Yoga is not a system of physical exercise. Yoga is not a mind-body system for health and wellness. In today’s age, this needs to be repeated over and over again. Yogis do practice asana. And a regular practice of Yoga does bring better health and a profound sense of inner peace, as well as helping us develop clarity of thought. But when Yoga is practiced for wellness or physical performance, it creates attachment to results. If we fail to attain the desired results, it leads to frustration. If we succeed, it leads to egoism. Both are contrary to the founding principles of Yoga.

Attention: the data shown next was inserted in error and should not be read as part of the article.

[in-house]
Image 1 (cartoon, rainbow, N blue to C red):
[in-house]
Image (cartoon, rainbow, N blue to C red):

So, what is Yoga? It is a means of perceiving reality (Brahmasutra Bhashya of Adi Shankar II.1.3). It is the capacity to take success and failure in our stride while continuing to perform our duties with total absorption (Bhagavad Gita II.48). It is the ability to attain mastery over our mind so that we are no longer prisoners of its everchanging desires (Katha Upanishad II.3.11). It is the science and art that allows us to understand our true nature and liberate the unlimited potential hidden within all of us (Yoga Sutra I.1-4).
To achieve this, Yoga provides us with a comprehensive and holistic system that works the mind, body and soul.